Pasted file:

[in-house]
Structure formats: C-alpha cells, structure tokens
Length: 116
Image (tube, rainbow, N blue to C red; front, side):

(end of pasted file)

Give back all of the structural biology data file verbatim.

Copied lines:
[in-house]
Structure formats: C-alpha cells, structure tokens
Length: 116
Image (tube, rainbow, N blue to C red; front, side):